Chicken Chickens Go to School

Chicken Chickens Go to School

by Valeri Gorbachev Mikhail, Valeri Gorbachev
     
 

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This sequel to the critically acclaimed "Chicken Chickens," called a surefire toddler pleaser by "Publishers Weekly," offers another reassuring look at common childhood fears. It's the first day of school for the little chickens and they are a little scared. How a wise teacher helps the chicken chickens overcome their fears and win some wonderful new friends is a

Overview

This sequel to the critically acclaimed "Chicken Chickens," called a surefire toddler pleaser by "Publishers Weekly," offers another reassuring look at common childhood fears. It's the first day of school for the little chickens and they are a little scared. How a wise teacher helps the chicken chickens overcome their fears and win some wonderful new friends is a heartwarming story that will reassure youngsters experiencing their own first day jitters.

Editorial Reviews

Publishers Weekly
Mother Hen's two adorable offspring from Chicken Chickens are back, graduating from their debut outing to the playground and moving on to the classroom "for the very first time." Their wide-eyed, furrowed-brow expressions as they cross the street with their mother in a long line of fellow students convey their worry. Their mother and teacher try to defray their concerns ("Don't worry,... I'm sure you will like it here," their mother says; "Don't worry,... I'm sure you will make friends quickly," says Mrs. Heron). But the little chickens' overtures of friendship fall flat: they greet Rabbit at read-aloud time ("Ssssssssh,... I'm listening to the story") and Frog during music ("Ssssssssh,... I'm trying to sing"). Their look of dejection as they eat alone together during snack time is nearly palpable; they dare view their classmates only with a sidelong look and stand in identical postures when they report their progress to their teacher (" `We can't make any friends,' said the little chickens sadly"). Luckily, Mrs. Heron comes up with just the solution: a class hike over a stream. When the chickens are too chicken to cross, all the classmates who'd unknowingly rejected them earlier come to their aid, and cheer them on when the pair conquer their fear. This comforting book offers reassurance on two counts: the surety of friendship and tackling the newness of the schoolroom. Ages 3-6. (Aug.) Copyright 2003 Reed Business Information.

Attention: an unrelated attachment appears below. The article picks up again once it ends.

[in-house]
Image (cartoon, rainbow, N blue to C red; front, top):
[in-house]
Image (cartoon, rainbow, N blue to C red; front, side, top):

School Library Journal
PreS-Gr 1-Having tamed fears of the playground in Chicken Chickens (North-South, 2001), Gorbachev's timid chicks are now facing their first day of school. It's no surprise that these little guys, who always speak in unison, are worried about making new friends. At first their fears seem justified because the other students are much too busy to be bothered with them. (Beaver is building a tower, Rabbit is listening, Frog is singing.) Fortunately, their teacher finds a way to bring the class together and give the chicks a much-needed boost in confidence at the same time. Though warm and engaging, Gorbachev's characteristic watercolor and pen-and-ink illustrations fail to elevate the text beyond the flat and predictable. Also, children nervous about starting school will notice that this wearisome pair overlooks a clear and distinct advantage-having one another! Libraries that need more going-to-school titles could consider this an additional purchase, but Kevin Henkes's Wemberly Worried (Greenwillow, 2000) or Amy Hest's Off to School, Baby Duck (Candlewick, 2001) will have more resonance for children embarking on their new adventure.-Julie Roach, Malden Public Library, MA Copyright 2003 Reed Business Information.

Product Details

ISBN-13:
9780735816008
Publisher:
North-South Books, Inc.
Publication date:
05/08/2003
Pages:
32
Product dimensions:
8.75(w) x 11.57(h) x 0.39(d)
Age Range:
5 - 6 Years

Meet the Author

Valeri Gorbachev is the author and illustrator of a number of children's books, both in the United States and Europe, including Nicky And The Big Bad Wolves and Where is the Apple Pie? Mr. Gorbachev immigrated to the United States from the Ukraine in 1991 and now lives with his family in Brooklyn, New York.

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